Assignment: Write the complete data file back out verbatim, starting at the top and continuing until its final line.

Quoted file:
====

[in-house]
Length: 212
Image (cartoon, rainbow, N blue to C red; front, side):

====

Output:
[in-house]
Length: 212
Image (cartoon, rainbow, N blue to C red; front, side):